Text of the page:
11. Mar 8, 2016 #10

    Mark44

    Staff: Mentor

    I have copied the work you showed earlier. To find the parametric form of the line, the last matrix needs to be completely row-reduced, which means that each nonzero row starts with a 1 entry, and each leading 1 entry (a pivot) has 0 entries above and below it.
    When the last matrix is completely reduced (in RREF or reduced row-echelon form), you can read off the solution, as
    x = ...
    y = ...
    z = ...
    t = ...
    For this matrix that will turn out to be z times a vector plus a constant vector, where in this case, z is the parameter.
     
  12. Mar 8, 2016 #11
    And how to represent the line in explicit form, [itex]y=kx+n[/itex]?
     
  13. Mar 8, 2016 #12

    Mark44

    Staff: Mentor

    The line in question is a line in ##\mathbb{R}^4##, so you wouldn't write it as y = mx + b. Instead, you would write it something like ##\vec{r} = k\vec{A} + \vec{B}##. Here ##\vec{r}## means ##\begin{bmatrix} x \\ y \\ z \\ t \end{bmatrix}##. ##\vec{A}## and ##\vec{B}## are constant vectors that come directly out of the completely reduced final matrix.
     
  14. Mar 8, 2016 #13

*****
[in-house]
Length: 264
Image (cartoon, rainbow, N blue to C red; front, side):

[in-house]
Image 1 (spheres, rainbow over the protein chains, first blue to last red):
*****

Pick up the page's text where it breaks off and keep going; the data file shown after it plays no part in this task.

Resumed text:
Which vector is [itex]\overrightarrow{A}[/itex] and which vector is [itex]\overrightarrow{B}[/itex] from RREF?
    Also, is [itex]k[/itex] undetermined?
     
    Last edited: Mar 8, 2016
  15. Mar 8, 2016 #14

    Mark44

    Staff: Mentor

    One more step takes your final matrix to RREF (reduced row-echelon form)
    ##\begin{bmatrix}
    1 & -1 & 2 & -1 &| & 1 \\
    0 & 1 & 5 & 1 & | & 7 \\
    0 & 0 & 0 & 4 & | & 4 \\
    \end{bmatrix} \equiv
    \begin{bmatrix}
    1 & 0 & 7 & 0 & | & 8 \\
    0 & 1 & 5 & 0 & | & 6 \\
    0 & 0 & 0 & 1 & | & 1 \\
    \end{bmatrix}##
    Now, write the system of equations that this matrix represents.
    x = ...
    y = ...
    z = ...
    t = ...
    If you line things up you should see a column vector times a parameter z, plus another vector.